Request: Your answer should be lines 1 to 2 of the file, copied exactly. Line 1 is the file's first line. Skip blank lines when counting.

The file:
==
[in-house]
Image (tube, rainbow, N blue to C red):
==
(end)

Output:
[in-house]
Image (tube, rainbow, N blue to C red):